(2) If no crack is found, repeat the applicable inspection per paragraph (g) of this AD at the applicable time specified in paragraphs (g)(2)(i) through (g)(2)(iii) of this AD. As an option, accomplishment of paragraph (h)(1) or (h)(2) of this AD, before further flight, extends the threshold for the initiation of the repetitive inspections required by this paragraph.

(i) If the open-hole HFEC inspection method was used: Repeat that inspection at intervals not to exceed 3,000 flight cycles.

(ii) If the surface HFEC inspection method was used at stations 340 through 420 inclusive and station 500: Repeat that inspection at intervals not to exceed 750 flight cycles.

(iii) If the surface HFEC inspection method was used at stations 440 and 520: Repeat that inspection at the earlier of the times specified in paragraphs (g)(2)(iii)(A) and (g)(2)(iii)(B) of this AD, and thereafter at intervals not to exceed 250 flight cycles. Start Printed Page 54671

(A) Within 750 flight cycles since the last surface HFEC inspection required by paragraph (g) of this AD.

(B) Within 250 flight cycles after the effective date of this AD.

Optional Repair/Modification

(h) For airplanes on which the inspection required by paragraph (g) of this AD is done per Part 1 of the Work Instructions of Boeing Alert Service Bulletin 747-53A2439, dated July 5, 2001, or Revision 1, dated March 10, 2005; and on which no cracking is found: Accomplishment of the actions specified in either paragraph (h)(1) or (h)(2) of this AD extends the threshold for the initiation of the repetitive inspections required by paragraph (g)(2) of this AD. For airplanes on which the inspection required by paragraph (g) of this AD is done per Part 2 of the Work Instructions of Boeing Alert Service Bulletin 747-53A2439, dated July 5, 2001, or Revision 1, dated March 10, 2005; and on which no cracking is found: Accomplishment of the actions specified in paragraph (h)(1) of this AD extends the threshold for the initiation of the repetitive inspections required by paragraph (g)(2) of this AD.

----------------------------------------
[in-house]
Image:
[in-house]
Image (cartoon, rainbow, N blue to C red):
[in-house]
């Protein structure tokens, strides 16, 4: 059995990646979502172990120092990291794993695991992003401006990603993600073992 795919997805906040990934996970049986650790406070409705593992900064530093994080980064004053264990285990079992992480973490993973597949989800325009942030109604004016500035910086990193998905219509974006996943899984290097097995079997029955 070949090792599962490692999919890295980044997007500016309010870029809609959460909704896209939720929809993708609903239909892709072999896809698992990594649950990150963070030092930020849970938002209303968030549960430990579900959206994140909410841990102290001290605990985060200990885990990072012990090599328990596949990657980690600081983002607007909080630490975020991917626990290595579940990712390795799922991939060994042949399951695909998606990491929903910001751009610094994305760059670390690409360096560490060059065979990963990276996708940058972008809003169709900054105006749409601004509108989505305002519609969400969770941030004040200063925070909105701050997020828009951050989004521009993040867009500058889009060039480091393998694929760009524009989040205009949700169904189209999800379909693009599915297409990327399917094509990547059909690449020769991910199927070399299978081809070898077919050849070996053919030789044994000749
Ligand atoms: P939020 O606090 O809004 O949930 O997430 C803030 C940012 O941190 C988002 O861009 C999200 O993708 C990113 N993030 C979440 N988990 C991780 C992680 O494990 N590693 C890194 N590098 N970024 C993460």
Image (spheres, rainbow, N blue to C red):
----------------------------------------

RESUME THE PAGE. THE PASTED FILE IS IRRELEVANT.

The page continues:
(1) Do the applicable repair per Part 3 of the Work Instructions of the service bulletin. At the applicable time specified in Table 1 of Part 3 of the Work Instructions of the service bulletin, do the applicable inspection of the repaired area per Part 1 of the Work Instructions of the service bulletin. Repeat the inspection thereafter within the applicable interval per Figure 1 of the service bulletin. As of the effective date of this AD, the actions must be done per Parts 1, 3, and 6 of the Work Instructions of Boeing Alert Service Bulletin 747-53A2439, Revision 1, dated March 10, 2005, as applicable, and repeat the applicable inspection thereafter at intervals not to exceed 3,000 flight cycles.

(2) Do the modification of the attachment hole of the floor panel per Figure 5 of the service bulletin. Within 10,000 flight cycles after accomplishment of the modification, do the inspection of the modified area per Part 1 of the Work Instructions of the service bulletin. Repeat the inspection thereafter within the applicable interval per Figure 1 of the service bulletin. As of the effective date of this AD, the actions must be done per Figure 5 and Part 1 of the Work Instructions of Boeing Alert Service Bulletin 747-53A2439, Revision 1, dated March 10, 2005, and repeat the inspection thereafter at intervals not to exceed 3,000 flight cycles.

Determining the Number of Flight Cycles for Compliance Time

(i) For the purposes of calculating the compliance threshold and repetitive intervals for actions required by paragraphs (f), (g), or (h) of this AD: As of the effective date of this AD, all flight cycles, including the number of flight cycles in which cabin differential pressure is at 2.0 pounds per square inch (psi) or less, must be counted when determining the number of flight cycles that have occurred on the airplane.

No Reporting Requirement

(j) Although the service bulletin referenced in this AD specifies to submit certain information to the manufacturer, this AD does not include that requirement.

Alternative Methods of Compliance (AMOCs)

(k)(1) The Manager, Seattle Aircraft Certification Office (SACO), FAA, has the authority to approve AMOCs for this AD, if requested in accordance with the procedures found in 14 CFR 39.19.

(2) An AMOC that provides an acceptable level of safety may be used for any repair required by this AD, if it is approved by an Authorized Representative for the Boeing Delegation Option Authorization Organization who has been authorized by the Manager, Seattle ACO, to make those findings. For a repair method to be approved, the repair must meet the certification basis of the airplane, and the approval must specifically refer to this AD.

(3) AMOCs approved previously according to AD 2004-03-11 are approved as AMOCs for the corresponding provisions of paragraphs (f) and (g) of this AD.

Start Signature

Issued in Renton, Washington, on September 7, 2005.

Kalene C. Yanamura,

Acting Manager, Transport Airplane Directorate, Aircraft Certification Service.

End Signature End Part End Supplemental Information

[FR Doc. 05-18403 Filed 9-15-05; 8:45 am]